"When we hit 300,000 it just blew our minds and we're going to keep right on going," said Beshear. "It will take us a year or two or three probably to find everybody around the state that needs this and qualifies for it, but we've had tremendous success so far."
An NBC News-Marist poll taken in May showed more Kentuckians than not had a favorable view of Kynect. But when asked about Obamacare, more respondents had an unfavorable than favorable view of it.
Kentucky’s Democratic U.S. Senate candidate is hoping to capitalize on the recent defeat of a bill addressing student loan debt.
The Senator who sponsored the measure is coming to Kentucky to back the campaign of Alison Lundergan Grimes.
The Grimes campaign announced Thursday that Massachusetts Democratic Senator Elizabeth Warren will join Grimes for multiple events in the commonwealth this month. Warren championed a measure that failed in the Senate this week that would have allowed borrowers to refinance federal and private student loans at lower interest rates.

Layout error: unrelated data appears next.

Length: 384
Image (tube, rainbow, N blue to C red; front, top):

That bill would have raised taxes on the country’s wealthiest earners to cover the costs. The Democratic-backed measure Wednesday failed to gain the 60 Senate votes necessary to move forward.
Kentucky Republican Mitch McConnell was one of 38 “no” votes.
The Grimes campaign says Warren’s visit to the Bluegrass State will help highlight how many college graduates are suffering under the burden of high amounts of student loan debt.
McConnell says the Warren bill didn’t do anything to address the rising costs of college or the amount of money students have to borrow to pay for their education.